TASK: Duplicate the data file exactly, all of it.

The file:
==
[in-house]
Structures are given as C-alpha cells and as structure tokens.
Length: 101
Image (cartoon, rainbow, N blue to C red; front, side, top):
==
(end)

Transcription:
[in-house]
Structures are given as C-alpha cells and as structure tokens.
Length: 101
Image (cartoon, rainbow, N blue to C red; front, side, top):